John Beattie is a man who knows a thing or two well-nigh success. The Commonwealth Games, World & European XC competitor and owner of Move Largest Run Better offers you his five steps to achieving your running goals.
In May 2021 I did something that I would never have predicted a year before… I dragged myself out from stuff a happily retired former athlete, to stuff when breaking 30 minutes for 10k and competing with some of the weightier runners in the UK.
The race was 200 miles yonder from where I live, so on the long momentum when withal the non-descript Midlands motorways, I had plenty of time to reflect on that journey of how I went from feeling horribly unfit not that long before, to stuff worldly-wise to run 10km at under 3.00 pace, and just how that was worldly-wise to happen.
I’ve put it lanugo to 5 key steps, all of which I like to think are simple, relatable, non-sciencey, and workable to anyone who is currently at point A and feeling a long way yonder from point B where they want to be. I moreover cannot emphasise unbearable that you don’t need to be trying to unravel 30 minutes for 10k for these steps to work, they’ll work regardless of who you are or where you are. The steps are moreover NOT the SMART goal principals that some of you may have heard on corporate team towers days or have been taught at school… boring! So here they are..
Step one: Set the goal and ask why
You wouldn’t just get in a car and momentum instinctively without a destination in mind so why waste time doing that with running? The first thing you need to do is set a target. If you are currently at point A, lets say 4 hour marathon PB, what does point B squint like? Is it 3 hours? Replicating your 4 hours from 20 years before? Get clarity on this surpassing going any further.
Once the target is set, the next question to ask yourself is why what you’ve set the target? Peel when the layers of the onion in asking these questions, and don’t just take it at surface level. What is the story underneath the story? When things get tough (which they will do), the stronger you are here the increasingly likely it is that you will overcome the inevitable obstacles.
I wanted to go under 30 minutes for a 13th year in a third variegated decade, something very few runners will manage in terms of consistency and longevity. I was moreover drastic to see if without over a year out I could still mix it with some of the weightier runners in the UK, many who are well over a decade younger than me. When I was starting when and feeling horribly unfit, these were thoughts that kept me excited.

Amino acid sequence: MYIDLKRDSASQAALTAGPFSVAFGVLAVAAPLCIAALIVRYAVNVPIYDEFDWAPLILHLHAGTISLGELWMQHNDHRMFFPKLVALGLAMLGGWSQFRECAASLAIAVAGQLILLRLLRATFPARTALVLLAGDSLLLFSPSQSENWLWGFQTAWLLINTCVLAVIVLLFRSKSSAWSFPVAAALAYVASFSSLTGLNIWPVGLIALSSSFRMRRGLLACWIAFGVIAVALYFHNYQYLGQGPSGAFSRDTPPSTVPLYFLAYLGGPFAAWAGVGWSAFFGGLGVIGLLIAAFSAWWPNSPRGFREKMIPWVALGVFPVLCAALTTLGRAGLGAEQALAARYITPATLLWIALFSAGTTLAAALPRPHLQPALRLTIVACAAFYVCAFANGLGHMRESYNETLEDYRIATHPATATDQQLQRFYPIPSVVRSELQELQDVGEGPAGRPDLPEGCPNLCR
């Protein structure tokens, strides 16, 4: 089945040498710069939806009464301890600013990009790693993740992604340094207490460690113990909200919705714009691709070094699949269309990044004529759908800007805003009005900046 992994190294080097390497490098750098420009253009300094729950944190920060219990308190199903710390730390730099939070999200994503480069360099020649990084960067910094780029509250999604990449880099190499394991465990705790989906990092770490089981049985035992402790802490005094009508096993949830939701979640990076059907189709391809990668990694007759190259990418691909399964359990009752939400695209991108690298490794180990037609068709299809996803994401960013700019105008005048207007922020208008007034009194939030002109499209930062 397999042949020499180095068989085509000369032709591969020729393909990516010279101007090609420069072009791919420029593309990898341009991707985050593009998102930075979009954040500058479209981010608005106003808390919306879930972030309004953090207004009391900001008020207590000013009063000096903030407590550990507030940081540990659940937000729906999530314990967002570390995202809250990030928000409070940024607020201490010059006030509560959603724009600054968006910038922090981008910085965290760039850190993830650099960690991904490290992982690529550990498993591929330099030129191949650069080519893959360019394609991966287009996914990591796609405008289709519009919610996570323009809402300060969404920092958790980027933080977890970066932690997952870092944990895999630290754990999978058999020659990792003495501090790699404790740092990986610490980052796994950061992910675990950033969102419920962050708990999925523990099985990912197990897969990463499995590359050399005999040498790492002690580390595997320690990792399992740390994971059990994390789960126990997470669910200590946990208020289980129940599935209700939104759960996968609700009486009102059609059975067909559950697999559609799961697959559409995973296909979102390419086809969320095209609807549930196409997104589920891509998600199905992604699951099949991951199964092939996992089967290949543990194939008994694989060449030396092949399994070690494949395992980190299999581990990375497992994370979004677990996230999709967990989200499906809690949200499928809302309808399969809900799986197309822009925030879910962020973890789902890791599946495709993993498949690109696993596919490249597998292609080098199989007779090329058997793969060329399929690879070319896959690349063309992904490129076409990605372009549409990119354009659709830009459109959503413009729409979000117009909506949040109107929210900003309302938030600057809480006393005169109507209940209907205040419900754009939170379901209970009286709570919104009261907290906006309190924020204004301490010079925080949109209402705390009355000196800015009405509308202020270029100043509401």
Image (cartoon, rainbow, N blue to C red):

What is your why that is going to get the fire burning? Are you running to make your family proud? To overcome bad past experiences? For a particular person or cause? If you can get to the heart of these, rather than just requite a generic vanilla answer, you’ll be in the weightier possible place to get started
Step two: Getting some help
Trying to do anything meaningful by yourself is a million times harder and will likely takes a heck of a lot of time longer than if you are worldly-wise to leverage the support of others. Making the most of support, accountability, or specific knowledge, are all things that outsiders can bring. With my sub-30 goal, despite all my many years within running and coaching, I knew I’d need help to make this goal happen and would be wasting my time trying to do it by myself. The two key players I had helping me were my running mentor (who masterminded the running plan) and my strength and workout mentor (who helped pension my soul strong and in one piece).
There will be variables involved in this and questions that you’ll need to address. How serious you are well-nigh the goal and how important it is in your life? The answers to these questions will determine the level of transferral you are willing to requite in terms of investment of time, effort, energy and money. For me, with time stuff of the essence, I was willing to do whatever it takes on all fronts so got the weightier help I could from the start.
Who can you bring into your world to put the pieces together to help you work towards the target set in step 1? The biggest translating I can give, is if you are serious well-nigh the goal, don’t be one of those people who refuses to winnow any help.
Step three: Showing up
If you set yourself a big goal, I won’t BS you, you are going to have to work hard. There will be good days, there will be bad days, there will be days where you finger villainous or would prefer to stay indoors. Though, really and not so secretly, the journey rather than the destination itself is the heady part and getting through the ups and downs is where the growth occurs.